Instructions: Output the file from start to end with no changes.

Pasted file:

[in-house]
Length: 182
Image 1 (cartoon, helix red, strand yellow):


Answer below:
[in-house]
Length: 182
Image 1 (cartoon, helix red, strand yellow):